• The Doctor Is In

    Where should new web designers go to get started? Find out in this first edition of Ask Dr. Web, where A List Apart’s founder and publisher, Jeffrey Zeldman, answers your questions about web design.

  • Responsive Design: The Picture Element Comes of Age

    Big news! The Filament Group has released a new version of Picturefill that will make the real picture element work in existing browsers, which means you can start using picture today.

  • The Death of the Web Design Agency?

    In The Pastry Box Project today, Greg Hoy of Happy Cog talks honestly about why the first quarter of this year sucked for most web design agencies (including ours), assesses the new and growing long-term threats to the agency business model, and shares his thinking on what we in the client services design business can do to survive, and maybe even thrive.

  • Ten Years Ago in A List Apart: CSS Sprites – Image Slicing’s Kiss of Death

    Rereading this seminal 2004 article from the comfort of today’s privileged position, it’s easy to miss how new and revolutionary Dave Shea’s thinking was. Today we take sophisticated CSS for granted, and we expect our markup to be just that—clean and semantic, not oozing behavior and leaking layout. But in 2004, removing all that cruft from HTML took courage. And it was an act of absolute wizardry to conceive that a grid of images in a single master GIF or JPEG could replace all those http calls and subfolders full of tiny images thanks to CSS’s hover property and cropping ability.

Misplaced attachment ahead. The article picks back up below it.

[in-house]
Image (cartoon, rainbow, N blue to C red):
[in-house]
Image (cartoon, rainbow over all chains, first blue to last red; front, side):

• We’re Nothing Without You: The Web at 25

    The World Wide Web celebrates its 25th birthday with a newly launched website commissioned by the World Wide Web Consortium (W3C) and designed and developed by A List Apart’s own creative director/designer Mike Pick and technical director Tim Murtaugh.

  • Blue Beanie Day Comes But Once A Year

    On Saturday, November 30, web designers around the world will once again don a blue beanie (toque, cap) to show their support for web standards. Join us!

  • Web Type, Meet Size Calculator

    It is trivial for a designer to set type (or any artwork) to appear at a specific size in centimeters or inches on the printed page. But it is impossible to do so when designing for screens. At Ampersand New York, Nick Sherman demonstrated a tool designed to change that.

  • How many people are missing out on JavaScript enhancement?

    UK Government Digital Service wanted to know how many people use their web services without the enhancement of JavaScript. Follow their quest, and learn what they discovered.